Burnout Part II: Why can’t I sleep when I’m so tired?

 

When you’re starting to burn out or you are totally burnout all you want to do is sleep, from the moment you wake up in the morning, through the afternoon and up until that moment you hop into bed. Then something magical happens, you lay down in your bed, looking forward to having a great sleep and instead all you do is lie there. Your brain won’t stop racing and you’re not thinking about anything in particular at all. Nope, there you lie just wishing that you could fall asleep.  Finally, after what seems like hours you do eventually fall asleep only to wake up 3-4 hours later with your mind racing, thinking about everything you didn’t get done yesterday and what is piling up on your plate for the day to come. You get up to pee, then head back to bed only to have your brain start racing again. After some time you do eventually fall asleep only to have the craziest vivid dreams. It feels as though you are dreaming in colour. Then boom, your alarm goes off and the only thought passing through your head is “when can I go back to bed”.

What is Burnout?

Why does this happen? You feel that if only you could sleep through the night and wake up rested everything would be better. Well, there is a lot going on in your body that is preventing you from having good night’s sleep. This is why things start to spiral out of control. You are tired and can’t sleep and this vicious cycle spirals out of control which ultimately means your quality of life continues downhill.

It has to do with something called your diurnal cortisol curve.

melatonin curve Cortisol is a hormone in your body which under normal healthy circumstances rises quickly in the morning just before you wake up. It is this rise of cortisol which actually wakes you up and gets you out of bed. If your cortisol level is optimized you will wake up, jump out of bed and start your day. After that, your cortisol level starts to drop throughout the day. It gets a small bump halfway through and then as it gets closer to bedtime (or when the sun sets) your cortisol level comes down, almost all the way to zero. Under normal circumstances when your cortisol level continues to drop at night another hormone starts to rise called melatonin. Melatonin continues to rise and peaks between midnight and 2 AM. When melatonin is this high it forces the body to shut down production of cortisol. It is for this reason that normal, healthy sleep is so important to treat burnout. Because if your sleep is not optimized you’re making your burnout worse.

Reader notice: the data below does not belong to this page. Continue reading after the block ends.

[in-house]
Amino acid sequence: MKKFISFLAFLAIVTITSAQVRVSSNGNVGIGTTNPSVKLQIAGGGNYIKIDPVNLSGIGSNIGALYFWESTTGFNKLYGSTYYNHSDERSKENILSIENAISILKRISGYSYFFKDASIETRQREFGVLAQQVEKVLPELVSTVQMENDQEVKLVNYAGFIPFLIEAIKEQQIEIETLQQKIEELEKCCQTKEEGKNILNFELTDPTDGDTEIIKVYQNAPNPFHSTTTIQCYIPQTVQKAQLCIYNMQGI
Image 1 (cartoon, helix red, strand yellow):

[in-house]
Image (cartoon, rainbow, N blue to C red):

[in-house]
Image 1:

burnout and sleep

Now, what is going on in your body when you’re burnt out? Instead of your cortisol rising quickly in the morning to wake you up it rises very slowly. This is why it feels that it takes forever to truly feel awake or why you feel you need that second cup of coffee. Finally, around 10 or 11 your cortisol is as high as it’s going to get. From there it’s all downhill. It drops mid-afternoon and you feel like you need a nap. Then you get a small bump and drag yourself through the commute home. You fight through dinner and wait for bedtime.

Now, this is where things get interesting. Do you remember when you were in university and you were going out for the night? If you could just stay up until 11 PM you could go all night without feeling tired. That is because if you do not fall asleep when your body tells you to it instead starts to release more cortisol to wake you up and keep you awake.  This is exactly what happens when you’re burnt out. You get that second spike of cortisol way too early in the evening before you have even gone to bed. Now instead of feeling tired and ready to sleep your brain is wide awake.  Because your cortisol has risen it prevents your melatonin from increasing which means you are having a terrible sleep and will not feel rested.

At this point you need help. This is a very difficult cycle to break and often times people are not able to do it on their own and land up at their doctor’s office and are prescribed sleeping pills along with some antidepressants, often at a very low dose.

But you’re not depressed! YOU ARE BURNT OUT! The major difference between being burnt out and depressed is that when you are burnout you still love doing things and laugh at your favourite show, only your motivation to do the things you love is lacking. Whereas when you’re depressed all you want to do is sleep and cry. (Of course, it is more complicated than this, but for the sake of this article we are not going to involve the DSM V)

So what can you do? This is where individualized medicine becomes paramount. There are various phases of burnout and depending on where you are they need to be addressed differently. However, here are somethings you can do to enhance your quality of sleep.

sleep

  1. Develop healthy sleep hygiene
    1. Make sure your bedroom is as dark as possible.
    2. No artificial lights in your bedroom
    3. Cover all little LED blinking status lights
    4. No clock shinning into your face
  2. Develop a bedtime routine
    1. Make a cup of tea part of your bedtime routine.
    2. Boil the water
    3. Steep your tea
    4. Sip your tea while reading a book
  3. Avoid all screens at least 1 hour before bed
    1. Almost all screens are powered by blue light which wakes you up (think police lights and how that makes you feel)
    2. Or if you have to use them use apps like Flux or night mode
  4. Supplements which can help sleep
    1. 5-HTP
    2. GABA
    3. Time release melatonin (delayed release)
    4. Passionflower
    5. Inositol
    6. Ashwaganda
    7. Rhodiola

 

Addressing your sleep is the first step in treating burnout and starting the road to recovery.

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